Welcome to the NET, where things can apparently get a little dicey.
Nevada finished off its eighth straight win at Colorado State on Wednesday night. and in and of itself, this wouldn’t be particularly remarkable. A good portion of the second half was tight, with the Rams within as few as six points with under eight minutes left. But an upset wasn’t to be as an avalanche of Jazz Johnson and Jordan Caroline free throws kept the game at arm’s length.
Nonetheless, it finished with some drama. Up 14, the Wolf Pack tossed in an alley oop with just seconds left. CSU coach Niko Medved didn’t seem to appreciate it.
Musselman talked on @hoopvision68’s pod about how they wouldn’t just dribble out the clock or not play D at the end of games bc efficiency factors into the NET and “every possession matters.” Not sure the CSU staff is cool with that. pic.twitter.com/cE792NZWvv— Mike Rutherford (@CardChronicle) February 7, 2019
Per the body of the tweet above, it seems like Eric Musselman — a coach as attuned to analytics as any — is doing what he can given the alleged importance of the NET to the Selection Committee. Medved acknowledged as much in his postgame comments, but still didn’t seem on board with it.
Nevada threw an alley-oop while up 14 with just seconds remaining in the game. I asked Niko Medved about that play & what was going through his mind when it happened: #CSURams #Nevada #mwbb pic.twitter.com/KUc5UDsIsY— Justin Michael (@JustinTMichael) February 7, 2019
It’s not just mid-major coaches adjusting how they coach a game based on the NET.
For example, NET caps victory margin at 10 points to avoid teams running up the score. And Virginia Tech coach Buzz Williams said after his No. 11 Hokies lost Monday to No. 16 Louisville that the rankings formula was one reason he called a timeout down 11 with 21 seconds left.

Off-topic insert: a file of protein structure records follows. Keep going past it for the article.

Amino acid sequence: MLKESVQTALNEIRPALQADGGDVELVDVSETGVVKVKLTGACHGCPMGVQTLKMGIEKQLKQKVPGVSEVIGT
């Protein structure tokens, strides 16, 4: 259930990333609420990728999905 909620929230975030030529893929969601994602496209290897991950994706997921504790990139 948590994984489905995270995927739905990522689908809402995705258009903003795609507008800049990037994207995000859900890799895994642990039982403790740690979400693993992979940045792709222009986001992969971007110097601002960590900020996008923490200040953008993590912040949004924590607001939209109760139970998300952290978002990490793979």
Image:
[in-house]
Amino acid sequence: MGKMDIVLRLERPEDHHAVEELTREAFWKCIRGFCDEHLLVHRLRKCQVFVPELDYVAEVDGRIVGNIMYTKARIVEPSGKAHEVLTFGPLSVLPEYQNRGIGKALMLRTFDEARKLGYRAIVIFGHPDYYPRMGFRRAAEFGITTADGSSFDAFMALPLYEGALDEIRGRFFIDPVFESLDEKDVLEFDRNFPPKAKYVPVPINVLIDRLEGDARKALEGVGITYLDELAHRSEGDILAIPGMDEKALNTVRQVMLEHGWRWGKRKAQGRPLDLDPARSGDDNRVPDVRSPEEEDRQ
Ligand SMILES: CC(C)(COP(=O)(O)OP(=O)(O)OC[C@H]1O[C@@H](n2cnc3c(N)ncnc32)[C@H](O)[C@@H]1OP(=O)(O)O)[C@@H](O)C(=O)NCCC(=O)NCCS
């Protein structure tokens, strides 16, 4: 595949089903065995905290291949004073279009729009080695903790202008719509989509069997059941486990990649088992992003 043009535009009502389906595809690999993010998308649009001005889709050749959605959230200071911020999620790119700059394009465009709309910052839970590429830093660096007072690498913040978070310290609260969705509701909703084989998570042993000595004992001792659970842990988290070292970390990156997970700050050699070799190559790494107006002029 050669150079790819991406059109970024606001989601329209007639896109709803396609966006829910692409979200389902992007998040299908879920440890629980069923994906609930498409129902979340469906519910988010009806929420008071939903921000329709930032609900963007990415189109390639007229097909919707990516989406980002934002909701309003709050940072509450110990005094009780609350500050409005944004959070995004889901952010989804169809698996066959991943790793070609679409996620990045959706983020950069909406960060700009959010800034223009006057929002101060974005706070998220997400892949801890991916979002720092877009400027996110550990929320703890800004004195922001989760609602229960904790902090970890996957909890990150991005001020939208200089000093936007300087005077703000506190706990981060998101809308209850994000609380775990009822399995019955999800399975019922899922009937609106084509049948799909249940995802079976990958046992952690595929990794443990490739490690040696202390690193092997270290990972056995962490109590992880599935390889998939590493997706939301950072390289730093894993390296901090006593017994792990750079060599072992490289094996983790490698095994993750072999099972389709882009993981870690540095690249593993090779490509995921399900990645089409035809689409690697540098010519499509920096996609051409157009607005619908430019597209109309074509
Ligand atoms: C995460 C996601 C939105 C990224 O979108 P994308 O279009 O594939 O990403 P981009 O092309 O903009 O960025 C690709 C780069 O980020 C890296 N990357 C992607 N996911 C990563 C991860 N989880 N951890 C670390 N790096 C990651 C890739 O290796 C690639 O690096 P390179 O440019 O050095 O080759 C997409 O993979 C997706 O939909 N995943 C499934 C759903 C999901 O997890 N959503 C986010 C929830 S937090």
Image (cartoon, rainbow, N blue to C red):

The Hokies got a late 3-pointer to fall 72-64.
”According to all the research I’ve found, if you win by 10 or more, that helps,” Williams said. “If you lose by 10 or more, that hurts. So 21 seconds left, you’ll see a lot of that. It’s been going on. I think it’s just now kind of coming to the surface. ... The basket at the end, it was in a losing effort, but decimal points maybe it matters even though we don’t know the formula.”
It’s hard to fault them for it, especially those fighting an uphill battle outside the power conferences. Medved’s point is well taken: the Martin dunk in the waning seconds probably won’t on its own bump Nevada up to, say, a three seed. But at the same time the approach from Musselman makes perfect sense, especially if high major coaches are entertaining it.
The Committee has given mid-majors no margin for error in recent years, both when handing out bids and seeds. That’s why C-USA and the Sun Belt have made drastic changes to their scheduling formats, in large part to simply try and get deserving teams into more manageable seeds.
The NET, and whether it’ll actually mean anything, is obviously still a work in progress. But in the meantime, you’re certainly seeing its effect on the court.